In a family-owned corporation, the formalities governing standard commercial relationships frequently do not apply, to the peril of the company and individual family members.
For example, where an individual family member provides services to a family operation, there often is no contract in place. In fact, neither party may have any expectation that the individual will be compensated. The individual may be acting out of a sense of obligation and duty to the family enterprise.
Familial relationships may also come in the way of the parties formalizing their expectations in a written contract and having lawyers involved in their business dealings at all.
The informal nature of family-owned corporations, while beneficial to the company's success, can amount to an Achilles' heel. This is particularly so where a family member seeks compensation from the company in the absence of a formal written contract.
The issues set out above came to the fore in a decision of the Ontario Superior Court, 1318847 Ontario Ltd. v. Laval Tool & Mould Ltd.  ONSC 2664.
In Laval, the individual plaintiff, Emmanual Azzopardi ("Emmanuel") commenced an action against the defendant corporation, Laval Tool & Mould Ltd. and its affiliated companies ("Laval Co."), a family-run business specializing in mould manufacturing.
Laval Co. was founded by Emmanuel's father, Loreto Azzopardi ("Loreto"), in 1978. Loreto, who was the president of Laval Co., passed away in 2009.
Emmanuel alleged that between 1999 and 2010, he provided tax-consulting services to Laval Co. In particular, during that period, Emmanuel gathered the information and analysis required for Laval Co. to make claims for federal and provincial tax credits under the scientific research and experimental development ("SRED") program.
Emmanuel was removed from the company's payroll in 1999, following an argument with his father. The argument notwithstanding, Emmanuel alleged that he provided Laval Co. with SRED services in exchange for 25 per cent of the related tax benefits resulting from each fiscal year's claim. However, a written contract between the parties had never been established.
Ultimately, Emmanuel commenced an action against Laval Co., claiming $419,194.30, being 25 per cent of the tax benefits the company received as a result of Emmanuel's services. The action was brought in contract and, alternatively, on the basis of unjust enrichment and quantum meruit.
Justice Verbeem of the Ontario Superior Court dismissed Emmanuel's action.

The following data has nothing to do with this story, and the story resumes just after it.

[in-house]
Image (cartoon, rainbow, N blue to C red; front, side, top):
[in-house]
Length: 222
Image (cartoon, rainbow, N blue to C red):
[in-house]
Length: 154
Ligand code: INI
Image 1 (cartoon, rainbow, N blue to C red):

First, the court held that Laval Co. had not entered into any contract with Emmanuel to compensate him for his SRED services. While the court accepted that Loreto authorized Emmanuel to advance Laval Co.'s SRED claims, there was insufficient evidence to show that Loreto agreed to compensate Emmanuel at the rate of 25 per cent of the tax benefits pursuant to any agreement.
With respect to the unjust enrichment claim, the court held that Emmanuel was not entitled to restitutionary compensation under the doctrines of unjust enrichment or quantum meruit.
The remedy of quantum meruit applies where a "valid contract is found to exist in fact and in law, but there is no clause expressly setting out the consideration for the contract."
In this case, since the court had already found that there was no enforceable contract between Emmanuel and Laval Co., quantum meruit did not apply to Emmanuel's claim.
As for unjust enrichment, it was clear that the first two elements of the doctrine had been met. Laval Co. received a tax benefit from the SRED services provided by Emmanuel and Emmanuel suffered a deprivation with respect to the time and effort he spent pursuing the SRED claims.
However, the third branch of the unjust enrichment test had not been met in this case. There was a "juristic reason" for Laval Co.'s enrichment.
The "juristic reason" for Laval Co.'s enrichment was that it was not within the reasonable contemplation of the parties that Emmanuel's SRED services would give rise to a claim for compensation.
Laval Co. never received a formal request from Emmanuel for compensation. Moreover, whenever Emmanuel proposed that he be compensated, Laval Co. refused.
Emmanuel did not challenge this refusal or render an invoice for his services. Nor did he commence a proceeding for compensation.
Emmanuel admitted that he did not pursue the issue of compensation with vigor out of a sense of "familial obligation" and a "debt of gratitude" to his father. In the circumstances, the court held that there was no unjust enrichment. There was no reasonable expectation that Emmanuel would be compensated for his tax-related services to the company.
The Laval decision illustrates an important lesson for people who provide services to a family-run business.
The commercial arrangements of a family-run business will not be held to a different standard from any other corporation.
Originally published by The Lawyers Weekly.
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